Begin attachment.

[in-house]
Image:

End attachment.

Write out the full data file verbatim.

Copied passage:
[in-house]
Image: